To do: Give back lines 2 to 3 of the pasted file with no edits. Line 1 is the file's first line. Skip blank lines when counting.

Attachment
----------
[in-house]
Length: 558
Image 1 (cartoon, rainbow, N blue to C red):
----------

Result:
Length: 558
Image 1 (cartoon, rainbow, N blue to C red):